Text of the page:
Cognitive processes, see here for a definition, are, according to Gregory Bateson, opaque. You can appreciate the causes and the outcomes but you are not aware, so to say, of what happens in between. As an example consider what is going on nailing. Certainly your brain had to do some calculations to find out the right trajectory for the hammer. But, unless the hammer goes straight to your finger, you are not aware of the calculus. Only when something goes wrong you will start to pay attention. The same seems to happen for each cognitive process. Vision is one of the those processes or better , vision is a composite of cognitive processes each with his own opacities.
In vision a lot has been showed by Cognitive Psychology as well as Gestalt Theory or Piaget (post)̠ school in the second half of the last century. To be exact in the 70/80 all the concepts already had been incorporated in psychology course books.
Gestalt Theory gave a frame for understanding several visual perception phenomena, like the one known as "Closure". But more important showed (in good company with the others) that each of our senses has different thinking models to interface with. Each of the schools had their own methods to demonstrate what postulated. Gestalt theory, as well as others, proceeded by showing cases of explicit specialized thinking (like completing the missing pieces out of hidden parts of a cube or paying attention to where the hammer is going :-) in form of perceptive experiments (something gone wrong or perceptually unexpected). The strength of the experiments outcome helped a lot in terms of popularity. Eventually it came out that some of the experimental models could be rendered in figures or photographies. R. Arnheim being one of the latest of the school is also one that more applied himself to Visual Perception and Thinking in the Gestalt Theory frame. If looking for a synthesis of the theory he represents a good entry point see here. I recommend his book "Visual Thinking" (the first 3 chapters are more than enough).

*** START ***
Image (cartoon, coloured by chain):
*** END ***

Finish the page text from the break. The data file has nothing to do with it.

Photographers, and image makers in general, are attracted by Gestalt Theory in their never ending quest to the perfect rule for the successful image. But in general most of the adventurous end up questioning if it was worth reading hundreds of pages about experiments to understand that framing matters (Ansel, to cite a verbose one, treated all of that in far less, Paul Strand did it in pictures and Capa, while busy setting up the next decisive moment, said it in the shortest form).
But if taken at large, forgetting the quest for the photographic stone, what Cognitive sciences show us is that there is a visual form of thinking, with its own rules and forms and not always homomorphic to other thinkings. The concept of "Visual Thinking" has a long history if seen through the history of image making. A very interesting point is made in the "Metaphysics" artistic theory developed by the De Chirico Brothers at the beginning of the last century. The main idea was to detach any verbal or affective connection with what saw to obtain, or make visible, the pure visual relations among the viewed things.
I finally had some time to spend in pure meditative speculations or, if you are better, wasting some time doing absolutely nothing. "Otium" is not one of the most recommended activities in any western world profession. But it certainly is one of the most useful. Piaget and his school showed that cognitive activity (as learning) proceeds by disordered acquisition and ordered reconstruction (guess where Otium operates in this frame).